'The condition of the above obligation is such, that if the above bounden Nathan Haile, now a prisoner in the State's jail, in Providence, within the county of Providence, at the suit of Mason and Bates, do, and shall from henceforth continue to be a true prisoner, in the custody, guard, and safe-keeping of Andrew Waterman, keeper of said prison, and in the custody, guard, and safe keeping of his deputy, officers, and servants, or some one of them, within the limits of said prison, until he shall be lawfully discharged, without committing any manner of escape or escapes, during the time of restraint, then this obligation to be void, or else to remain in full force and virtue.'To the declaration upon these bonds, the defendant pleaded several pleas, the substance of which was, that in June, 1814, after giving the bonds, the defendant presented a petition to the legislature of Rhode Island, praying for relief, and the benefit of an act passed in June, 1756, entitled 'an act for the relief of insolvent debtors,' and that, in the mean time, all proceedings against him for debt might be stayed, and he be liberated from jail, on giving bonds to return to jail in case his petition shall not be granted. Upon this petition, the legislature, in February, 1815, passed the following resolution: 'On the petition of Nathan Haile, praying, for the reasons therein stated, that the benefit of an act, entitled, 'An act for the relief of insolvent debtors,' passed in the year 1756, be extended to him, voted, that said petition be continued till the next session of this assembly; and that, in the mean time, all proceedings against him, the said Haile, on account of his debts, be stayed; and that the said Haile be liberated from his present confinement, in the jail, in the county of Providence, on his giving sufficient bond to the sheriff of said county, conditioned to return to jail in case said petition is not granted.' That, on the 28th of February, 1815, he gave sufficient bond, with surety, to the sheriff, conditioned to return to jail, in case the petition should not be granted, and, thereupon, the sheriff did liberate and discharge him from his said confinement, in said jail, and permit him to go at large, out of said Waterman's custody, and the custody of the keeper of said prison, his deputy, officers, and servants, and out of the limits of said jail and jail-yard; and he, said Haile, did, upon being so liberated, depart and go at large out of the same accordingly, and so continued at large and liberated, until the prayer of said petition was granted by the legislature, at the February session, 1816, and ever since, as lawfully he might. That, in February, 1816, the legislature, upon a due hearing, granted the prayer of the defendant's petition, and passed the following resolution: 'On the petition of Nathan Haile, of Foster, praying, for the reasons therein stated, that the benefit of an act passed in June, 1756, for the relief of insolvent debtors, may be extended to him; voted, that the prayer of the petition be, and the same is hereby granted.' That the defendant afterwards, in pursuance of the above resolution, and of the laws of the State, received in due form, from the proper Court, a judgment, 'that he should be, and thereby was, fully discharged of and from all debts, duties, contracts, and demands, of every name, nature, and kind, outstanding against him debts due to the State aforesaid, and to the United States, excepted, and from all imprisonment, arrest, and restraint of his person therefor.'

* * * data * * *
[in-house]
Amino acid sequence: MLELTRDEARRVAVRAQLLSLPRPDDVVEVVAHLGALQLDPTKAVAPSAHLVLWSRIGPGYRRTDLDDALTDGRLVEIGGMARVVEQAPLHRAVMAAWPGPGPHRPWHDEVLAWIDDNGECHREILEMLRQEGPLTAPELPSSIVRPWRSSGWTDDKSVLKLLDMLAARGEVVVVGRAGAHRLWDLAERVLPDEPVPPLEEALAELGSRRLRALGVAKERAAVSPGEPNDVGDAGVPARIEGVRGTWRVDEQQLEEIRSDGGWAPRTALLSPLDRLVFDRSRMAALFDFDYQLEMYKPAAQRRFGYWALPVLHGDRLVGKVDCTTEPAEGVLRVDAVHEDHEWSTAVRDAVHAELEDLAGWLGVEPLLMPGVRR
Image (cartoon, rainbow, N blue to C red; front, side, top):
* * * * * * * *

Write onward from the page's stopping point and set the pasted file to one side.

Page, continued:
To the pleas so pleaded the plaintiff demurred; there was a joinder in demurrer; and, on the argument of the cause, the opinions of the judges of the Court below were opposed, upon the question whether the defendant was entitled to judgment, on the ground that the matters set forth on his part in his pleas, were sufficient to bar the action, or whether the plaintiff was entitled to judgment upon the demurrers and joinders. The question was thereupon certified to this Court for final decision. Feb. 9th.